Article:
The International Federation of Journalists (IFJ) today urged the United Nations Secretary General Ban Ki-moon to take drastic action against governments of the most dangerous countries for media after it published its annual list of 106 journalists and media personnel killed in 2011. The Federation says 2011 has been another bloody year for media and blames governments' failure to uphold their international obligations for the ongoing violence targeting media. In a letter to the UN Secretary General, the IFJ calls for effective implementation of international legal instruments to combat the prevailing culture of impunity for crimes against journalists.
"It is abundantly clear that deadly violence against journalists is not just a blip due to conflicts around the world but has become a regular cycle in many countries where journalists are hunted down, targeted and murdered by the enemies of press freedom," said the letter signed by IFJ President, Jim Boumelha. "In a situation where governments are in denial or indifferent to what has become a regular pattern of targeted killings of journalists, it is incumbent upon yourself and the United Nations to remind them of their responsibility to protect journalists."
This year's list confirms that journalists are among the primary victims of violence in armed conflict, ethnic and religious tensions as well as political upheavals which erupted in many countries during the past twelve months. Media professionals are exposed to serious risks, often with tragic consequences, as they report from the frontline of conflicts such as in Pakistan and the Arab world or crime prevention in the lawless parts of Mexico where they are considered unwelcome witnesses.
The IFJ list of work related media killings is coordinated with the International News Safety Institute (INSI) and contains 106 journalists and media personnel who died during 2011, up from 94 killings recorded in 2010. An additional 20 journalists and collaborators also died in accidents and natural disasters incidents.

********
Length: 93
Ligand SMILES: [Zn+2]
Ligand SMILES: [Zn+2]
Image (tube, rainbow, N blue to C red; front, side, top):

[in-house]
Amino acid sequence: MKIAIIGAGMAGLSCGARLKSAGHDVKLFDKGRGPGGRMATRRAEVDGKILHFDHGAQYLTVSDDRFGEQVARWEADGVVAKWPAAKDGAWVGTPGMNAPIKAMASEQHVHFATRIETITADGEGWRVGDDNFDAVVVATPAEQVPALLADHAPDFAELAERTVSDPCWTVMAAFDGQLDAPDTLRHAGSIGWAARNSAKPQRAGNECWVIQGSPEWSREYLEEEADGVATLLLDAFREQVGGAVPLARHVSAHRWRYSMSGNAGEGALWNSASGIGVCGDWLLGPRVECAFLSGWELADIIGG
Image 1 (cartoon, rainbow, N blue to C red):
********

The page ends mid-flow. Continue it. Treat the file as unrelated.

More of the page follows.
The IFJ says that violence targets not just journalists but also colleagues from all sectors of the industry, including cameramen, drivers and fixers and other support staff which are all recorded to underscore their crucial role in news gathering and reporting.
The systematic failure of governments to protect journalists and punish those who are responsible for violence against them has entrenched the culture of impunity in most parts of the world and contributed to ever rising numbers of journalists' killings. This prompted the IFJ and the press freedom community to hold for the first time the International Day against Impunity for Crimes against journalists on 23 November 2011.
"This year's numbers just prove that violence targeting media workers continues unabated," added Stephen Pearse, IFJ Deputy General Secretary. "We need to send out a strong message that action is needed to stop the violence and the bloodshed."
As of 31 December, the IFJ recorded the following information on killings of journalists and media staff in 2011:
Targeted killings and homicides incidents : 106
Accidental deaths : 20
Total Deaths :126
The deadliest region in 2011 was the Middle East and Arab World with 32 journalists and media personnel killed. Iraq had the region's highest death toll with 11 dead.
Countries with high numbers of media fatalities in 2011 are:
Iraq : 11
Pakistan : 11
Mexico : 11
The Philippines : 6
Libya : 6
Yemen : 6
Honduras : 5
India : 5
The list of journalists and media personnel killed in 2011 is available here.
For more information, please contact IFJ on :
Jim Boumelha, President: +44 1865723450 Stephen Pearse , IFJ Deputy General Secretary: +32 479 138 682
Ernest Sagaga, Human Rights Officer : +32 2 235 22 07/+32 477 71 40 29
The IFJ represents more than 600,000 journalists in 131 countries around the world